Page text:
View Full Version : World Bank Calls for Overhaul of Monetary System

02-20-2011, 05:37 AM

World Bank's Zoellick Calls For Overhaul Of Monetary System, Says Yuan Should Get Prominent Role
Tyler Durden's picture
Submitted by Tyler Durden on 02/19/2011 13:54 -0500

World Bank's Robert Zoellick, who has recently been on a truth-telling roll, suggesting a return to the gold standard, and also highlighting that surging food prices have suddenly pushed 44 million to extreme hunger around the world raising the likelihood for many more revolutions, penned an oped in yesterday's FT, sharing his vision for a "monetary regime for a multipolar world" in which, not surprisingly he warned that the current monetary system is perilous, and that China's Yuan should be added to the SDR, as well as other currencies "over time." This is yet another dig at the dollar's status as a reserve currency, yet without China taking proactive steps to indicate its interest at becoming the new de facto world currency, the status quo may be stuck with the greenback. Essentially, China is waiting until the right moment emerges, a time when it has stockpiled enough resources, when it can, unilaterally, or in collaboration with Russia and potentially a post-EUR Europe, make an announcement that the Yuan is the new reserve currency, backed by a basket of commodities. This is precisely the step-change that Zoellick is trying to avoid: "A framework to manage a monetary system in transition may be less headline-grabbing than sudden regime change, but it is a lot more realistic. Modernising the management of international monetary affairs could prove an important contribution to future growth. The time of powerful kings is long gone. But today’s leaders still have the chance to stamp their mark on the monetary framework of tomorrow." Unfortunately, the possibility of a gradual transition in which the US willingly cedes ever increasingly more of its reserve status is unthinkable: after all the bulk of the Fed's disastrous policy is dictated that no matter what the Chair does, the world has no choice but to continue using dollars. Which will work until it doesn't (and with total US debt at almost 100% of GDP, the "doesn't" part is approaching.

Some more thoughts from Reuters on Zoellick's op-ed:

Zoellick said countries participating in the SDR should review monetary and currency issues in an SDR forum.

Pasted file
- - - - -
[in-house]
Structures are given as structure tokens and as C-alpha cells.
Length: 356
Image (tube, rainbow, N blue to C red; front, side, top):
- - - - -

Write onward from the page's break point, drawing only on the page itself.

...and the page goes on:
"This group should offer China the incentive to join the forum and eventually the SDR after it takes steps to internationalise the renminbi and moves towards an open capital account."

Zoellick said over time other major internationalised currencies could be added to the SDR basket.

"Leading powers are not going to accept the SDR as a new global reserve currency, nor the IMF as a global central bank," Zoellick said.

He added, however, that the IMF would act as a referee, "able to blow the whistle on the appropriateness of external policies but not to impose penalties" in order to support a healthy global economy.

And naturally Zoellick once again invokes the status of gold as the ultimate monetary arbiter:

Within this new framework, the IMF should be a referee, able to blow the whistle on the appropriateness of external policies but not to impose penalties. The IMF should be directed to sharpen the multilateral review of “capital account” policies, as part of the G20’s new mutual assessment process (MAP). This review should compare national policies with international information indicators, including commodity prices such as gold. The IMF’s involvement, with its 187 shareholders, offers the G20 the incentive of greater legitimacy and the support of an institution with financial resources.

All these suggestions are great. Too bad that just like with the SEC's trivial inversion of cause and effect in the flash crash and its precipitating factor, High Frequency Trading (circuit breakers do nothing to handle the reasons for a market crash: they merely moderate the symptoms), so all of Zoellick and Strauss-Khan's warnings that it is time to move to an SDR regime will not be heeded until it is too late.

Full Op-Ed link.